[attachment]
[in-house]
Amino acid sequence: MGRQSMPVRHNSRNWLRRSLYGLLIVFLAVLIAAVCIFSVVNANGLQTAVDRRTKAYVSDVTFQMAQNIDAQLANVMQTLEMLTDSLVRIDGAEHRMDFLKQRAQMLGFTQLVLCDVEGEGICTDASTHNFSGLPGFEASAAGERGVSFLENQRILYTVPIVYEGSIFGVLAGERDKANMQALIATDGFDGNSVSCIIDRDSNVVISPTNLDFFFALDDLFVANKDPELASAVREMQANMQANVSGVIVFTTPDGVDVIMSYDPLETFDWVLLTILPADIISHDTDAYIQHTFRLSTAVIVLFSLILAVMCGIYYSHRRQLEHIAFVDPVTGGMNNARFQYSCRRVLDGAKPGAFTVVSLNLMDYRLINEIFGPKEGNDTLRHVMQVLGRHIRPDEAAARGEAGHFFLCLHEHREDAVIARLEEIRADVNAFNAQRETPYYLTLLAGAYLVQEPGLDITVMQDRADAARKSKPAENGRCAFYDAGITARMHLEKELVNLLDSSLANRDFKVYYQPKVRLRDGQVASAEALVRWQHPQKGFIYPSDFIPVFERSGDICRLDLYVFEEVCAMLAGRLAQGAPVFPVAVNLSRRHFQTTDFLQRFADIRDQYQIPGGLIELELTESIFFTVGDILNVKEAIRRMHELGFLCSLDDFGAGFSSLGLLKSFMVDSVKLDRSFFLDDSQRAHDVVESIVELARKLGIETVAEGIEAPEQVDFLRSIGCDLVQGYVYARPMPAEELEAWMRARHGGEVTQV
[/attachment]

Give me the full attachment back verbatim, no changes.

[in-house]
Amino acid sequence: MGRQSMPVRHNSRNWLRRSLYGLLIVFLAVLIAAVCIFSVVNANGLQTAVDRRTKAYVSDVTFQMAQNIDAQLANVMQTLEMLTDSLVRIDGAEHRMDFLKQRAQMLGFTQLVLCDVEGEGICTDASTHNFSGLPGFEASAAGERGVSFLENQRILYTVPIVYEGSIFGVLAGERDKANMQALIATDGFDGNSVSCIIDRDSNVVISPTNLDFFFALDDLFVANKDPELASAVREMQANMQANVSGVIVFTTPDGVDVIMSYDPLETFDWVLLTILPADIISHDTDAYIQHTFRLSTAVIVLFSLILAVMCGIYYSHRRQLEHIAFVDPVTGGMNNARFQYSCRRVLDGAKPGAFTVVSLNLMDYRLINEIFGPKEGNDTLRHVMQVLGRHIRPDEAAARGEAGHFFLCLHEHREDAVIARLEEIRADVNAFNAQRETPYYLTLLAGAYLVQEPGLDITVMQDRADAARKSKPAENGRCAFYDAGITARMHLEKELVNLLDSSLANRDFKVYYQPKVRLRDGQVASAEALVRWQHPQKGFIYPSDFIPVFERSGDICRLDLYVFEEVCAMLAGRLAQGAPVFPVAVNLSRRHFQTTDFLQRFADIRDQYQIPGGLIELELTESIFFTVGDILNVKEAIRRMHELGFLCSLDDFGAGFSSLGLLKSFMVDSVKLDRSFFLDDSQRAHDVVESIVELARKLGIETVAEGIEAPEQVDFLRSIGCDLVQGYVYARPMPAEELEAWMRARHGGEVTQV